General Anesthesia Increases Postpartum Depression Odds After Cesarean Deliveries


In a new study, investigators show how general anesthesia significantly increases the odds of postpartum depression and suicidal ideation following a cesarean delivery.

Jean Guglielminotti, MD, PhD

Jean Guglielminotti, MD, PhD

New data points to general anesthesia as a major cause of increased odds of mothers developing postpartum depression (PPD) following a cesarean delivery.

Jean Guglielminotti, MD, PhD, Department of Anesthesiology, Columbia University College of Physicians and Surgeons, examined whether general anesthesia for cesarean delivery is linked with increased odds of severe postpartum depression requiring hospitalization compared to neuraxial anesthesia.

Previously, investigators found general anesthesia increases the odds of postoperative depressive disorders when compared to regional anesthesia. However, there has not been a study evaluating the possible protective effect of neuraxial anesthesia for cesarean delivery on maternal mental health compared with general anesthesia.

In the retrospective cohort study, the investigators examined cesarean delivery cases performed in New York State hospitals between January 2006 and December 2013.

The investigators used several exclusions, including patients having more than 1 cesarean delivery during the study period, residing outside of New York, and having a general anesthetic for other surgery or delivery in the previous year or in the year after the index case.

The team also sought a primary outcome of the occurrence of postpartum depression, with secondary outcomes were the composite of suicidal ideation or self-inflicted injury, anxiety disorders and post-traumatic stress disorders.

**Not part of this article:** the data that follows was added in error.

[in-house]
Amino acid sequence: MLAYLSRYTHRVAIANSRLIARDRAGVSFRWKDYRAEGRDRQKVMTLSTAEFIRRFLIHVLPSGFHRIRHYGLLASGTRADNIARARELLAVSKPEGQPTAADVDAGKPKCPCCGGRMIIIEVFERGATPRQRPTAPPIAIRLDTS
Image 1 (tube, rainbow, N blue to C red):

They identified the primary and secondary outcomes during the delivery hospitalization, as well as up to 1 year following delivery.

The investigators examined data from 428,204 cesarean delivery cases, including 34,356 cases involving general anesthesia. A total of 1158 women required hospitalization from severe postpartum depression (95% CI, 2.5—2.9), of which, 60% were identified during readmission with a median of 164 days following discharge.

Relative to neuraxial anesthesia, general anesthesia in cesarean delivery was linked to a 54% increased odds of postpartum depression (aOR, 1.54; 95% CI, 1.21—1.95), as well as a 91% increased odds of suicidal ideation or self-inflicted injury (aOR, 1.91; 95% CI, 1.12–3.25).

However, due to insufficiency evidence in the data, general anesthesia was linked with anxiety disorders (aOR, 1.37; 95% CI, .97—1.95) or PTSD (aOR, 1.50; 95% CI, .50–4.47).

“General anesthesia for cesarean delivery is associated with increased odds of severe PPD requiring hospitalization, suicidal ideation, and self-inflicted injury,” the authors wrote. “If confirmed, these preliminary findings underscore the need to avoid the use of general anesthesia for cesarean delivery whenever possible, and to provide mental health screening, counseling, and other follow-up services to obstetric patients exposed to general anesthesia.”

Guglielminotti said general anesthesia for cesarean deliveries could increase the risk of postpartum depression because it delays the initiation of mother to infant skin-to-skin interaction and breastfeeding, resulting in more acute and persistent postpartum pain.

He explained that these situations are usually coupled with a new mother’s dissatisfaction with anesthesia in general, leading to negative mental health outcomes.

Postpartum depression, which currently affects up to 1 in 7 women, has increased seven-fold in the US in the past 15 years. There are currently approximately 550,000 new cases of PPD annually in the US.

The study, “Exposure to General Anesthesia for Cesarean Delivery and Odds of Severe Postpartum Depression Requiring Hospitalization,” was published online in Anesthesia & Analgesia.

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